Evangelical Christian writer and speaker Jen Hatmaker claimed that not long after revealing her opposition to President Donald Trump last year, she started receiving death threats.
Some, meanwhile, believe the pushback she experienced had more to do with her embrace of gay marriage.
According to Politico, Hatmaker said that coming out against Trump during his election campaign last year, combined with her support for gay marriage, led to "conservative Christian outrage."
The writer explained that her family, including her children, have been harassed, and that for a period of time time she was afraid to go out in public.
"The way people spoke about us, it was as if I had never loved Jesus a day in my life," she said in a recent speech.
She also said that her books were being returned back to her, with some pages burned or torn into shreds.
Hatmaker said Trump's presidential victory made her realize "how far away from my evangelical family I am."
Hatmaker does not provide details or clarify whether the death threats in question were specifically over Trump or her marriage stance, though a number of conservatives took to social media to point out that the pushback in general she has received has much more to do with the latter.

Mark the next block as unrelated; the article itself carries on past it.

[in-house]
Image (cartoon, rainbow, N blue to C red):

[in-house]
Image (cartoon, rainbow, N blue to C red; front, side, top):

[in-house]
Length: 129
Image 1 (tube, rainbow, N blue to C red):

"There was a fork in the road away from evangelicalism, but the fork was not her opposition to Trump. Lots of us did that," wrote Denny Burk, a professor of Biblical Studies at Boyce College and Associate Pastor at Kenwood Baptist Church in Louisville, on Twitter.
"The fork in the road was rejecting Christianity's teaching about marriage. Her departure on this point is not adiaphora but essential."
Other conservatives, such as Eastern Orthodox writer Rod Dreher, also insisted that Hatmaker "burned her bridges with conservative evangelicals" due to her backing of gay marriage.
Dreher wrote Monday on The American Conservative website that the Politico article is "theologically underinformed," as it fails to convey "how serious, theologically speaking, Hatmaker's LGBT decision is within normative evangelicalism."
At the same time, he insisted that "nothing justifies threats of violence against Hatmaker, or anybody else."
Dreher also blasted the piece, the style of which he said is common in mainstream journalism, for "construing the conflict as one between rigid, hypocritical conservatives and the hip, young, female progressive."
Texas pastor and reality TV star Brandon Hatmaker said in November 2016 that he agrees with his wife that monogamous same-sex marriages can be considered holy, a position that the couple said followed "a season of study" on what the Bible has to say about homosexuality.
Michael Brown, a nationally syndicated conservative radio host and author of the 2014 book Can You Be Gay and Christian?, told The Christian Post at the time that he opposes the Hatmakers' conclusions.
"There are nuances within the beauty of a life-long committed relationship of a man and a woman," Brown said. "But the only design for marriage is male and female and that is explicit through the entire Bible from beginning to end."